“So if an expat decides against returning to China, they not only lose their job but also this form of retirement provision. ‘Huawei is a company, not a prison: if you want to quit, you can quit. But this decision is not easy,” said a source who worked in Dusseldorf for more than five years, including in the human resources department.”
Strict rotation for Chinese expats
“The company is determined to prevent ex-pats from putting down roots outside of China and obtaining residency rights in European countries, a source who worked for the company for several years said. ‘The internal atmosphere is that if you marry a local person and get citizenship rights, then this is seen as a betrayal,’ an ex-employee in London told The Daily Telegraph.
“One method the company uses to enforce the loyalty of Chinese employees is the strict rotation principle. No ex-pat can stay in the same country outside of China for more than five years. Several sources say that the company wants to prevent Chinese employees from developing close ties to their host nation.
“Apparently, Huawei categorically refuses to compromise on this. ‘Upon the completion of a five continuous years assignment in a country, expatriates who are not interfacing with the customers will be relocated regardless of all factors,’ Huawei’s guidelines, for Western Europe, stated.
“For the group, ‘the principle of rotation is important and essential at many different levels,’ a Huawei spokesperson said. The constant change of location allows the organization to remain flexible, and employees can gain experience in different roles and countries.”
Hardly any employees are over the age of 50
“Huawei demands discipline and loyalty from its European managers just as it does from its ex-pats. But the loyalty the company demands is only partially met by itself, especially towards older European employees. We have spoken to several former employees who were fired by the company.
“Their accounts are similar: ‘I always did everything exactly by the book,’ said one of our sources. Nevertheless, Huawei fired the source after several years of loyal service. The ex-employee doesn’t want to read their name on the internet, to avoid trouble with the company, but said their only offense was their age.
“Huawei appears to take pride in its young workforce. Of 194,000 employees worldwide in 2019, only 2% are older than 50 years, the company said on its website. [The company] does not like it when someone is employed by the company beyond their 60th birthday, according to several of our sources. According to them, if older employees do not leave voluntarily, Huawei resorts to pressure.
“The company’s tactics are said to include giving [those members of staff] meaningless tasks or no tasks at all, as well as transferring them to other workplaces, sometimes even to other locations. [In response,] Huawei said that it does not resort to such measures.”
Mistakes punished by naming and shaming
“Our sources agree that Huawei regularly punishes its Chinese employees for their alleged failures, often in front of colleagues. Via internal e-mail lists, the company sometimes lets everyone know who, in Huawei’s opinion, has not behaved properly and what sanctions have been imposed on them.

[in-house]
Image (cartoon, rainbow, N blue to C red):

“According to our sources, the company holds its managers responsible for the missteps of individuals. Within the group, they are treated as parents to their employees, their children. The company frequently hosts what ex-employees call ‘criticism and self-criticism,’ in the style of a communist ritual in the spirit of Mao’s Cultural Revolution.
“A Chinese manager, for example, had to admit he was at fault in a telephone conference after a bidding process failed, a non-Chinese source said, who took part in the call. Everyone present was asked to criticize the man. Our source said they felt very uncomfortable. Shortly afterward, Huawei sent the manager from Dusseldorf back to China.
“Self-reflection is ‘an important principle of our corporate culture’ and serves to improve the company and its products and services, Huawei said. Managers are encouraged to discuss the current situation in team meetings and to explore ‘room for improvement.’”
Huawei embraces the 9-9-6 working model
“When it comes to working hours, the technology company also follows a course that is rather unusual in Europe. Attendance often extends beyond core working hours, in tune with the so-called 9-9-6 principle for employees in China. The principle refers to employees’ presence in the office from 9 am to 9 pm, six days a week.
“This is hardly compatible with German labor law. For years, workers at the Dusseldorf site could record when they arrived for work, our sources report, but the company did not allow a record of when they left. Non-Chinese employees rebelled and have since been effectively exempted from the rule. Expats, however, still do not have an official recording of their working hours, according to our sources.
“A company spokesperson told netzpolitik.org that there had been complaints under [the] labor law. Since 2018, Huawei has been ‘inspected for compliance with occupational health and safety regulations, in particular [for] the Working Hours Act,’ the Dusseldorf district government stated.
“[In response,] Huawei stated that it complies with European labor law. Employees are allowed to work after 8 pm ‘on a voluntary basis,’ as long as they do not exceed the maximum working hours of 10 hours per day. ‘It is not the case that employees regularly spend the night in the office,’ a company spokesperson said.”
You can read the original article by Daniel Laufer and Alexander Fanta on netzpolitik.org here. It was the result of months of investigation by netzpolitik.org with media partners of The Signals Network, including The Daily Telegraph in the United Kingdom, El Mundo in Spain and Republik in Switzerland.